Increased exploration in North America last year pushed oil and natural gas sector transactions to record highs, according to Ernst & Young LLP.

The consultancy’s “Global Oil and Gas Transactions Review 2011,” a compilation of data on oil and gas merger and acquisition (M&A) activity in 2011, was unveiled Tuesday.

“In the last two or three years, the oil and gas services sector has recovered from the shock of 2008, adapted to a market environment and the outlook is robust in the long term,” said Ernst & Young’s Jon Clark, a partner in M&A. “The industry is getting on and making long-term decisions. There is clear growth potential, which is not true in other sectors.”

Growth was attributed to technology gains in exploration, as well as a jump in oil prices. Interestingly, more stringent regulations and penalties also heightened interest in making deals last year. “Events have shown that the cost of failure is much greater than cost of services,” said Clark. “People will be investing more, not less.”

North America led M&A activity last year with almost 60% of the total transactions; in 2010 the region accounted for 61% of all global transactions.

“The North American bias is echoed in transaction values, with 58% of announced deal value being in the U.S. and Canada,” the report said. “Although remaining second to the U.S. in transaction numbers, Canadian deal activity was down more than 30% on 2010, with 124 announced deals versus 186 for the prior year; and with fewer top-end deals, total value was down 65%.”

The U.S. M&A market transaction values increased more than 30% in 2011 versus 2010, while deal volume increased almost 14% over the same period. U.S. transactions accounted for more than half of total global oil and gas transaction values during 2011 and about 45% of total global oil and gas deal volumes for the same period.

Canada, however, “endured a significant decline in both the volume and value of transactions, led by the upstream sector. There was a 56% decrease compared to 2010 in the value of Canadian oil and gas transactions from $37.6 billion to $16.4 billion. The total number of deals decreased by 25% from 202 in 2010 to 151 in 2011. In essence, fewer deals were consummated this year and the ones that did get done were generally smaller in value.

In total more than 1,322 global oil and gas transactions were announced in 2011, which was 5% more than in 2010.

“With an average of more than three transactions every day, oil and gas has continued to be one of the most active global sectors for M&A,” the report said. “Only the downstream segment of the industry saw a decline in transaction volumes in 2011, with the oilfield services segment turning in a very healthy 64% increase.”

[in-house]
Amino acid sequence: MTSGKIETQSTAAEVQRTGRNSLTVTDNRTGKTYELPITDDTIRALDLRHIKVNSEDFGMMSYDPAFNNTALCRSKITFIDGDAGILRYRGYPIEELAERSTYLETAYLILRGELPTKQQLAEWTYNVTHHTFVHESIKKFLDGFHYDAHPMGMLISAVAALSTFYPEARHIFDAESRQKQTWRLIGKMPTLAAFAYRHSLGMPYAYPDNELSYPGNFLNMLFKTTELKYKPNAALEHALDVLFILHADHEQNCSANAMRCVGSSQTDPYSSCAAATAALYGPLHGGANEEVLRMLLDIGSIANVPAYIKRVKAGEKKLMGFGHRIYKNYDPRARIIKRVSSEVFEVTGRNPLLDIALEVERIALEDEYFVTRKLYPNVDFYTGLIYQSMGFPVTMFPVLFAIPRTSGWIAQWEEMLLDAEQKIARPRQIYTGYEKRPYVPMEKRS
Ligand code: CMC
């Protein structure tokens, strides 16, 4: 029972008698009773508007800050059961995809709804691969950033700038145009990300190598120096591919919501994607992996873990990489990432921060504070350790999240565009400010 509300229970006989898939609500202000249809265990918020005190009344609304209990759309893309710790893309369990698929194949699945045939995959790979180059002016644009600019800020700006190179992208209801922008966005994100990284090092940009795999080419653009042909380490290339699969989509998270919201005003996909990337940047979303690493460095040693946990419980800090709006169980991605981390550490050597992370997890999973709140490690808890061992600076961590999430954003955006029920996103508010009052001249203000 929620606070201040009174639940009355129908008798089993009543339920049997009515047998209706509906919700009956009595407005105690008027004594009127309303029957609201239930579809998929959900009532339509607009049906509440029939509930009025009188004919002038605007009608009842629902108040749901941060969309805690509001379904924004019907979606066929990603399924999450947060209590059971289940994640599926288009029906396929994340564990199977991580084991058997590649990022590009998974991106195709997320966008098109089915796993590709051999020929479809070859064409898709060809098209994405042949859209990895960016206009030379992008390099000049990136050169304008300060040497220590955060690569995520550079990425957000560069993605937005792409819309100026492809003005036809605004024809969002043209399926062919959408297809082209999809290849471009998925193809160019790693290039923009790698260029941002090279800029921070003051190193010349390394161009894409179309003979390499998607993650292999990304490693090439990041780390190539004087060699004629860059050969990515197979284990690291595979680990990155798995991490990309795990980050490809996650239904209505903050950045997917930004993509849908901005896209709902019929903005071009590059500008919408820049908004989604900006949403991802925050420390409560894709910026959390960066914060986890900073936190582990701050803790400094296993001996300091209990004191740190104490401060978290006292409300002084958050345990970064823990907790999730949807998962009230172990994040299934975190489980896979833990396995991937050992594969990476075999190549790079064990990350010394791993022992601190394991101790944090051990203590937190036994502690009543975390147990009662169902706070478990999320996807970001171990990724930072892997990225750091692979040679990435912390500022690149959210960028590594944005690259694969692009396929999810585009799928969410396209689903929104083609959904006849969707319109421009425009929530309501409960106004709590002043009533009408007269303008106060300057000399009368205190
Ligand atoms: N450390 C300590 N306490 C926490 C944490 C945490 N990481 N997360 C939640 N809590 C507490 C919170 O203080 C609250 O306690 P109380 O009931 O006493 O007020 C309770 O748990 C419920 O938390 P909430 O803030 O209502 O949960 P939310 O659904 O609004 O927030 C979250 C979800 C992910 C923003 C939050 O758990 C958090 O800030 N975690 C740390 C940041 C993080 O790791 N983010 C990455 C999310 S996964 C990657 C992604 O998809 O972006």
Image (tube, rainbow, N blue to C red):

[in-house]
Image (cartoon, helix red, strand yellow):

The aggregate value of global oil and gas transactions totaled $317 billion, which was about 7% below 2010’s $341 billion, mostly because there were fewer “megadeals.” For instance, in 2010 76 transactions were valued in excess of $1 billion, while in 2011 the number declined to 71. The largest global transaction last year was Kinder Morgan Inc.’s acquisition of El Paso Corp. for an estimated $38 billion (see Daily GPI, Oct. 18, 2011); the deal is scheduled to be completed later this year. According to Ernst & Young, the biggest transaction in 2010 was a $42.5 billion equity transaction by Brazil’s Petroleo Brasileiro, or Petrobras.

“The upstream segment remained the most active, representing 72% of total deal volumes” in 2011, the report said. “North America, accounting for 562 upstream deals, or 59%, remained the most active market,” but the “strongest growing regions were Europe and the CIS,” the Commonwealth of Independent States, which is composed of former Soviet Republics.

“The oil and gas sector is critical to the global economy,” Ernst & Young said. “By the same token, the oil and gas sector cannot exist perpetually insulated from wider political and economic turmoil. These dynamics are driving considerable volatility in the capital markets, and this is likely to have a significant impact on capital intensive sectors such as oil and gas. We anticipate that capital constraints among the independent sector, combined with well-capitalized large caps and sovereign-sponsored organizations, will underpin a robust level of transaction activity in 2012.”

There could be pitfalls this year for the U.S. oil and gas industry, said Ernst & Young.

This year “uncertainty about the global economy as well as additional potential regulation from the environmental, taxation and various financial sector developments remain wildcards for the U.S. oil and gas industry. We believe this will continue to temper the pace of the U.S. oil and gas transaction recovery/expansion for 2012. However, improved corporate balance sheets and the stockpile of corporate and energy private equity funds targeted toward oil and gas investment potentially provides a fuel for a continually increasing oil and gas deal flow.

“Likewise, the continued interest from foreign investors in Asia and Europe remains strong. Overall, we see a continued robust and steady investment and transaction environment for the oil and gas industry in the U.S., but at levels not approaching the heights of the last oil and gas transaction cycle peaks.”

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